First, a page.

A function and the lexical context in which it was declared are combined to form a closure. Specifically, it is an inner function that has access to the variables of the outside or surrounding function.

Functions that refer to independent (free) variables are called closures. The function specified in the closure, in other words, "remembers" the environment in which it was developed.

The closure has three scope chains -

  1. Own scope where variables defined between its curly brackets
  2. Outer function?s variables
  3. Global variables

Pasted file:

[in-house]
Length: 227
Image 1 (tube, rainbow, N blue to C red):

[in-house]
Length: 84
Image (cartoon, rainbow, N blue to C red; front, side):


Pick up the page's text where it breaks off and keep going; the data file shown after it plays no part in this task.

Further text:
Let's look at a closure concept example.

function Welcome(name) {
  var greetingInfo = function (message) {
    console.log(message + " " + name);
  return greetingInfo;
var myFunction = Welcome("John");
myFunction("Welcome "); //Output: Welcome John
myFunction("Hello Mr."); //output: Hello Mr.John

According to the code above, even after the outer function has returned, the inner function (i.e. greetingInfo) can access the variables in the outer function scope (i.e. Welcome).

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